Christopher Atamian: Can you describe the work that you will be showing at the Venice Biennale this year? 

Archi Galentz: I will display a series of small and mid-sized objects under the working title "not red banners.” I started back in 2003 with banners that are orange, violet or a mix of those two colors. I use a specially woven silk and see-through orange- and-violet gauze as a mix of fine layers that changes color depending on the light and angle of view. They are constructed as paintings in order to use the effect of temporarity. I was interested in the fact that viewers always see them as red—for communism and so on. In 2005 I first exhibited some of these banners in Berlin in an artist run space Prima Center at a solo show "These days in 16 years".(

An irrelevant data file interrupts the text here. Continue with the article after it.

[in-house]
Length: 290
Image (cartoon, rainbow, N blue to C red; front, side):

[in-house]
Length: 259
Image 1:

CA: What is the theory behind the piece(s), if any?

AG: I am not very interested in theories. The series was begun in 2003 as a response to Marina Abramovich’s “New Hero” images. The banners, or flag pieces do not symbolize a specific political doctrine, but certainly I was trying to “charge” them with a political suggestiveness. I am hoping to do a kind of writing over the banners in white and red, something between sms or e-mail, writing in Armenian but with Latin letters a sentence or 3-4 words, like “freedom, equality and brotherhood”— "@ngerutiun, azatutiun, barekamutiun.”

CA: How does your piece fit in with the themes of the group or of the Krossings Pavilion that you will be part of?